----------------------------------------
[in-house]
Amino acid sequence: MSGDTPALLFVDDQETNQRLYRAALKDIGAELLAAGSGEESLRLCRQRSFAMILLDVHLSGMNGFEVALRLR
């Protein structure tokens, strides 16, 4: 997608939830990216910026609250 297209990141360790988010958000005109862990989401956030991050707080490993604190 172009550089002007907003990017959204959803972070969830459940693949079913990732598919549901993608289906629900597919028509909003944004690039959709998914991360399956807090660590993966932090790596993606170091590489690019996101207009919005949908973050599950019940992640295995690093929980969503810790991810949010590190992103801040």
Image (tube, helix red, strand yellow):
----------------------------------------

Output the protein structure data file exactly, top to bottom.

[in-house]
Amino acid sequence: MSGDTPALLFVDDQETNQRLYRAALKDIGAELLAAGSGEESLRLCRQRSFAMILLDVHLSGMNGFEVALRLR
């Protein structure tokens, strides 16, 4: 997608939830990216910026609250 297209990141360790988010958000005109862990989401956030991050707080490993604190 172009550089002007907003990017959204959803972070969830459940693949079913990732598919549901993608289906629900597919028509909003944004690039959709998914991360399956807090660590993966932090790596993606170091590489690019996101207009919005949908973050599950019940992640295995690093929980969503810790991810949010590190992103801040």
Image (tube, helix red, strand yellow):